Like any tech early adopter, I try and evaluate every new buzzy product that comes to market. These days, many of these come with built-in social and messaging functions.
“What’s the point of this?”
Most of the time I find my most common reaction is “hmmm, well this is neat, but what’s the point?” These new products often look trivial, even unfinished. And yet, I find my reaction is often wrong because of how hard it is to evaluate the “network” component of a new social product, when the network is often 95% of the value prop.
I find myself blinded by the following:
- It’s hard to demo the network, when only a few people are on it
- It’s even harder to connect w it if it’s not YOUR kind of network – Quora’s the exception to the rule :)
- The typical # of connections you need with active users to really appreciate a product is something like 10-20, and it’s hard to break through that threshold if you aren’t acquired organically via invites from a dense network already
- The value of the network rises exponentially, which is hard to comprehend. That means a network can rapidly go from useless to useful very quickly
- Finally, the non-network components seem technically trivial – the 140chars, the snap, the ding dong. This leads to a “WTF” moment for many people
Imagine using Twitter for the first time, but no one’s on the network. The whole thing seems pointless, and while it’s easy to grok the mechanics of how it works, it’s hard to guess that “oh, one day 200 million people will be using Twitter and then it’s really useful to find out news, celeb gossip, articles, and chat w people.” It’s a communication network at its core, and without the people, it’s not very useful.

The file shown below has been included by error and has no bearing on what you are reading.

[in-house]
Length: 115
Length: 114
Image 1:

eBay, browsers, and other platforms and networks
Many platforms and networks are like this- think of eBay with only beanie babies, and the foresight it would take to think the network would go beyond collectibles. Or imagine using the web browser if the web was only a few thousand pages. The same things that make these really powerful networks later on are the same things that impede comprehension of their value in the early days.
Single user products
Contrast that with great single-user products like Evernote, an amazing mobile game, or a new 3D TV. The value is a lot more obvious and it’s easier to demo because there’s no network component. You don’t have to extrapolate.
In fact, extrapolation of network effects is so hard that it probably makes sense to just try to invest in stuff that already has an engaged network, even at a small level. And to look at stuff like network density, the activity of cross-network interactions, etc. from a metrics standpoint. But even at the end of that, you still need to make a big leap on if they can get to the next level :)
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